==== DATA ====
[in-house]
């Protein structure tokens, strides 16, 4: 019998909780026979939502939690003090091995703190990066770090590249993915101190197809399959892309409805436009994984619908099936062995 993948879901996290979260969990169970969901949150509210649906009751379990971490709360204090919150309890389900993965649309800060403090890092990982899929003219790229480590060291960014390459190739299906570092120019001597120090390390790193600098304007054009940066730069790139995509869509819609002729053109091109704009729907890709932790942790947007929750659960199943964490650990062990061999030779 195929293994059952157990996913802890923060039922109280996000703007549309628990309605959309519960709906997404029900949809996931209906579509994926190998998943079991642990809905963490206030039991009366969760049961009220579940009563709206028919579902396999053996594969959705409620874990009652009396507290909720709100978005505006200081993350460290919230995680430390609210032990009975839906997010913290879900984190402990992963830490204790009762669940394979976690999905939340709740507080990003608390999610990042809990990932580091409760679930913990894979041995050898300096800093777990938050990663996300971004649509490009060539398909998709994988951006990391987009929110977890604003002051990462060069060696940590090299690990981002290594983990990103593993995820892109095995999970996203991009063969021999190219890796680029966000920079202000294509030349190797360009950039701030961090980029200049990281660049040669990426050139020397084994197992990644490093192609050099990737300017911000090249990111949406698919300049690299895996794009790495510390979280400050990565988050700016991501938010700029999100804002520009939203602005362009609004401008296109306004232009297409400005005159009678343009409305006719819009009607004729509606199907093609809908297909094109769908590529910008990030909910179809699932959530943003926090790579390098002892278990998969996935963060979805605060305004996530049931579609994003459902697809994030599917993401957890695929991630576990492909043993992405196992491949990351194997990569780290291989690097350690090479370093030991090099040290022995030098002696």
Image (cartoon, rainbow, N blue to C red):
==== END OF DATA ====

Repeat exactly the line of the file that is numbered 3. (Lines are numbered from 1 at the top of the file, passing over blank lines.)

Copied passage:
Image (cartoon, rainbow, N blue to C red):